Last week, a suicide attack by Taliban insurgents at a popular
Lebanese restaurant killed 21 people, including 13 foreigners, among
them the IMF's chief representative in Afghanistan and three United
Nations workers. It was the deadliest attack on foreign civilians
since Afghanistan's civil war began in 2001.
Major international organizations have placed Kabul's restaurants
out of bounds for their staff, possibly making it a turning point
for the few thousand diplomats, aid workers and journalists living
Even before the strike, there were doubts about the future of
international organizations in Afghanistan as concern mounted that
with the withdrawal of most foreign troops this year, the security
environment would only get worse.
"We've had tragedies before. But when it happens at this time,
you've got organizations thinking about their liability and
exposure, I wonder what the ripple effects of this one are going to
be," said a senior NATO official, who asked not to be named because
he is not authorized to speak to the media.
On Friday night, the busiest night of the week, a Taliban militant
set off explosives on his person outside the Taverna du Liban
restaurant, and two others rushed in behind with automatic rifles,
spraying diners with bullets.
The attack is likely to quicken the exodus of foreigners from
Afghanistan, but it remains to be seen how deep the impact will be
on development projects and aid.
The government relies on aid for roughly three-quarters of its
budget and its army is almost entirely dependent on foreign money.
Donors have pledged more than $16 billion over four years in future
aid through to 2016.
"What would impact operations ... is if internationals become a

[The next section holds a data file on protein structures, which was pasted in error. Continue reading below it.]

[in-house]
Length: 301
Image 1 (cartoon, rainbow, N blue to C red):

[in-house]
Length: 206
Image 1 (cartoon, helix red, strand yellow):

target because of the publicity that's been generated," said a
senior U.N. official. "That would affect aid delivery."
Adding to anxiety, President Hamid Karzai has refused to sign a
bilateral deal with the United States that would allow some U.S.
forces to remain after 2014. Washington is threatening to pull all
of its troops out, leaving Afghanistan's fledging army to fight the
Major international organizations clamped strict curbs on their
staff this week, banning most from non-essential travel and the use
of private guesthouses, including those with armed guards.
Restaurants were out of bounds until further notice.
The Sufi Restaurant, another popular Kabul dining spot among
expatriates, now sits silent and almost deserted.
"I wanted to show pure Afghan culture and pure Afghan food to
foreigners," said owner Mohammad Azim Popal. "After this incident,
neither foreigners nor locals have come to the restaurant."
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A DIVIDE BETWEEN EXPATS AND AFGHANS
At Finest supermarket, long a draw for expatriates even though it
has been bombed in the past, guards at the door were thrown into
panic on Monday at the arrival of journalists with cameras, fearing
they might contain hidden explosives.
The Gandamack Lodge — a restaurant and hotel that is legendary among
foreigners in Kabul — was deserted at lunchtime. Staff refused to
speak to journalists and the owner did not respond to a request for
A single defiant customer turned up at Sufi Restaurant in the early
afternoon and ordered a cup of tea.
"I believe if you are afraid in this country, you should leave ...
personally, I am not making any changes," said the customer, Simran
Kaur Lohnes, a 42-year-old German who co-founded Afghan Opportunity
Business Services, a for-profit organization that advises firms on
tax, legal and other matters.
But Lohnes was gloomy about the future, predicting insurgents would
step up attacks ahead of a presidential election in April,
potentially giving incumbent Karzai an excuse to keep his grip on
"If the current establishment can claim for example that there is
not enough security ... that might be a reason to simply cancel the
elections or postpone them indefinitely," she said.
Lohnes also said the attack would create a further wedge between
foreigners and Afghans because international organizations in the
city have forbidden all but essential travel between the
high-security compounds in which most expatriates live and their
"It keeps the foreigners away from the country they should be
getting involved with very intimately ... All these things increase
this fence and make it more difficult to interact."
(Editing by John Chalmers and Raju Gopalakrishnan)
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